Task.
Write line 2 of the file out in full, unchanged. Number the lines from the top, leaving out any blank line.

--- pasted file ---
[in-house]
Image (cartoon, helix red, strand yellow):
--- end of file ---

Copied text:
Image (cartoon, helix red, strand yellow):